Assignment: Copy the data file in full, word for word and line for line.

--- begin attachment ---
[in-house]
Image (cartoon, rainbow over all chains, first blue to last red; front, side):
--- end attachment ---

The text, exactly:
[in-house]
Image (cartoon, rainbow over all chains, first blue to last red; front, side):